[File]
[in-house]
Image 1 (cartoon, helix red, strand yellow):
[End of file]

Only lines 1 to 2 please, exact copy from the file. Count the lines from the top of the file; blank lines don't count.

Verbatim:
[in-house]
Image 1 (cartoon, helix red, strand yellow):